At any rate that was a long winded way of saying that I’ve narrowed down my RADAR to the Koden RADARpc MDS-51R, now I just need to look for the best price, possibly with a software package deal.
Are you wishing for better photos and more amazing updates when we go sailing? Well I added a couple of things to our Amazon Wish List that you might want to check out. I’m not really begging you to buy them for us, more of just a way for me to track toys. But ya know if the spirit moves you… :-)
|The Nikon D700 is their latest prosumer model. The body is more rugged and it’s a big upgrade over my D50 as a still camera and it even shoots HD video. I actually think Dawn is going to end up doing a lot of the photography. She has a really good eye and when we have two cameras then she can start to kick my photographic butt.|
|The Go Pro Surf Hero is a pretty amazing little video camera used by surfers, snowboarders and all kind of brethren crazy folks. This is what I will use to shoot video and create time lapse movies of our journeys.
I’m considering mounting several of them on the boat, one on the bow or mast facing forward and another facing the cockpit. The idea is to have lots of content to create blogs from and to product time-lapse films from captured stills. I really want people to be able to tell what’s it really like “out there”.
|We’re going to need lots of file space to store all these images and videos. It’s hard to believe it but for around $100 you can get a name brand 1TB ruggedized hard drive. The La Cie is used by photographers and adventures galore. I have a couple 500GB ones already (already full). The La Cie 1TB model will hold us over for another year or so until 2TB drive are $50 or solid state drives drop in price.|
I was reading this post on Panbo about the RogueWave Wi-Fi system which is the same as the Ubiquiti Bullet M2-HP I am using at a much inflated price. Granted I don’t’ have anyone to call for tech support, but for this, it isn’t something I need tech support. Here’s a picture of my setup which I have mounted on my mizzen masthead.
- Ubiquiti Bullet M2-HP
This is the Wi-Fi Bridge. It connects the network on my boat to external Wi-Fi networks. If you were comparing this to your home system, it serves basically the same purpose as the cable or DSL modem (but different).
- Linksys E3000 Access Point
This is the network the PCs and iPhones and other such toys on the boat connect to. I picked this one because it had a USB port on it which allows me to have a large USB drive plugged into it and to have all ship’s documents, manuals, PDF catalogs, magazines, etc available to all the computers I let on my network. I can also grab that little USB Drive if I need to ditch the boat and have all my documents with me in electric format as well and hard copies in my ditch bag.
- 12Volt POE outlet – I don’t have a product link for this. I had one from another device and reused it.
POE – Power Over Ethernet is standard that allows power (heh!) and data to travel on the same Ethernet cable. This little device has an AC to DC converter wall wart that connect to it. One Ethernet port to connect to the Bullet and another to the Linksys Internet port.
- 50’ Direct Burial Ethernet cable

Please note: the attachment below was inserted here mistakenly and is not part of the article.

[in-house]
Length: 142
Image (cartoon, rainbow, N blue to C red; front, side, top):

Direct Burial cable is filled with gel so water won’t get into it and wick down inside.
This is the Ethernet cable I ran up my mast and connected the POE outlet to the Bullet.
- 50’ Direct Burial Ethernet cable
- Digital Antenna 825-WLW Wi-Fi Antenna
I was buying a Digital Antenna VHF and AIS antenna so I went with their Wi-Fi antenna as well.
- Blue Sea CableClam + P-Clip
Together these hold the Ethernet cable securely as it exits the mast, prevent it from chafing on the hole in the mast and prevents water from getting into the mast as well.
In order to protect the radio and secure it to the masthead I made a PVC sleeve that the radio is inside and the the antenna attaches to. I then made a teak bracket to hold the sleeve to the mast because I couldn’t think of anything better and was running out of time. Here’s the basics on that.
- Protective Sleeve for the Radio
I didn’t want to leave the Bullet exposed to the harsh UV and rain, so I made a PCV Tube that the protects the Bullet. Here’s how that works:
- Let’s pretend the Bullet is 5” long
- I have a 7” x 2” PVC tube (approximately)
- The Top has a PVC Fitting that has a 1” threaded hole. This end is sealed with silicone and two screws to hold it securely but also to allow it to be taken apart if needed.
- The Digital Antenna 825-WLW threads into the 1” hole on the top of the sleeve.
- The Bullet threads directly onto the bottom of the Antenna
- The bottom of the PVC tubs has an cap with a hole drilled in it to allow the POE wire to exit and is glued onto the bottom of the sleeve with PVC primer and cement, just like when we made the conduit for the mast.
- Custom Mount for the Sleeve
I could not figure out how to mount the PVC pipe to my mast, so I made a bracket out of teak that is essentially a rectangle but with a half-circle routed out of one side, kind of like a U-Chanel. I bolted the teak to the mast and then used hose clamps to hold the PVC sleeve in the U channel. This was a tad tricky as I had to drill some holes through the teak for the hose clamps to pass through. click this pic to se a close-up of that bracket. I admit it’s not my best work, but its functional and it’s 40’ in the air so I’m never going to see it anyway.
That’s all of the pieces and how they go together. Let me know if you need me to write up any more about the wiring or the actual network setup. One thing I will not is that the POE and Linksys are currently running on AC, I plan to convert them to run directly of the DC power in the future.
I’m going to start working on a feature comparison of PC based navigation software packages and could use some input from you on what you want to know. Do you have a favorite feature you think should be in all nav programs? Let me know and I’ll try to include it in my research. Here’s what I have so far after just a few minutes:
- RADAR Overlay
- NMEA 0183
- NMEA 2000
- Custom Depth
- Ship’s Log
- Maintenance Log
- Ship Inventory
- Social Networking
- Photo Support
The obvious omission is chart format. That list of formats seems really really long, so I’m trying to figure out a way to handle that more efficiently than 30 different checkmarks.
This weekend at the SCCC Wood Construction Center is the Tool Swap. I’ve never been to this, but I figured some of you locally here in Seattle might want to know about. I got a flyer at Crosscut Hardwoods and I noticed one hanging in Stoneway Hardware as well.
According to the flyer you can Buy, Sell and Trade tools from antique hand tools to power tools. If you go or if you’ve been let me know how it goes.
Tool Swap 9am – 2pm 24 April
(Get there early)
SCCC Wood Construction Center
2310 S. Lane St.
Seattle, WA 98144
Entrance on the corner of S. King St & 23rd Ave S
Do not park in the Red Apple parking lot.